Hosted by the Center for Acoustics Research and Education (CARE), University of New Hampshire.
Admission is FREE and includes breakfast and lunch both days. Registration is required.
The In-person Symposium on 4/25 will consist of two keynote speakers, oral presentations, and poster presentations. Oral and poster presentation topics will represent all fields of acoustics including (but not limited to) bioacoustics, ocean acoustics, signal processing, speech, biomedical acoustics, and environmental acoustics.
Anyone with an interest in reporting acoustics research (in progress or completed) is encouraged to submit an abstract. Presentations are not required, anyone with an interest in acoustics disciplines is encouraged to attend as a participant. Abstracts are due by March 25, 2024.
The Career Workshop on 4/26 is an opportunity for students and early career professionals to meet and learn about possible career paths associated with the field of acoustics, including industry, technology, federal sector, and academia.
Student Travel Awards: This year we will be offering 20 Student Travel Awards to eligible graduate and undergraduate students. If you’d like to be considered for an award, please indicate your interest when you register.
Gary W. Elko started his professional career at AT&T Bell Labs in 1984 after completing his BSEE degree at Cornell and MS and Ph.D. degrees at the Pennsylvania State University. He was a Research Supervisor in the Acoustics Research Department at Bell Labs working on acoustic signal processing solutions for high-quality hands-free speech communication systems. In 2002 he cofounded mh acoustics with other Bell Labs colleagues. mh acoustics works with customers on the design and development of front-end acoustic signal processing algorithms for audio communication products. The company develops and markets the Eigenmike® spherical microphone array for spatial sound field capture. He is a fellow of the Acoustical Society of America and the IEEE. He received the Acoustical Society of America's Silver Medal in Engineering Acoustics in 2012 and the IEEE Signal Processing Society Industrial Innovation Award in 2015. He has more than 60 publications and over 30 patents in acoustic transducers and acoustic signal processing.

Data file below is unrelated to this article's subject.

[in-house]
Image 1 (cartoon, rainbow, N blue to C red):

Laurel Symes is the Assistant Director of the K. Lisa Yang Center for Conservation Bioacoustics at the Cornell Lab of Ornithology, where she conducts research across a range of temperate and tropical environments. In the Northeastern United States, she and collaborators engage in the passive acoustic monitoring of birds and bats with the goal of understanding how habitat variation and management affect species distribution and interactions. She has a particular interest in the methodological considerations for implementing passive acoustic monitoring and automated signal detection.
More broadly, she works at the intersection of ecology, evolution, conservation, and technical development and conducts research across a variety of taxa, including insects, frogs, bats, and birds. At the Yang Center, she coordinates the tropical biology research program, working with teams in Central and South America, Central Africa, and Southeast Asia to develop research approaches and tools that span tropical terrestrial habitats. She also works with the Yang Center capacity building team to develop introductory and advanced training materials and courses, provide intensive professional mentorship and training, and maximize the accessibility and effectiveness of acoustic tools for research and conservation.
We have a block of rooms reserved at the Holiday Inn Express in Durham on 4/24 and 4/25 at a rate of $111/night, which is within walking distance to the symposium. Rooms can be reserved by calling the hotel directly (603-868-1234) or by going to the Holiday Inn Express website and entering the requested dates, selecting group rate, and entering the code CAR. The rooms and rate will then appear.
If you are unable to locate the group rate, please call the hotel directly as the block may be full and they need to release more rooms at the group rate.